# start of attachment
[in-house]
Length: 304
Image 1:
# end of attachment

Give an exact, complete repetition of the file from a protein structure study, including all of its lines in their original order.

[in-house]
Length: 304
Image 1: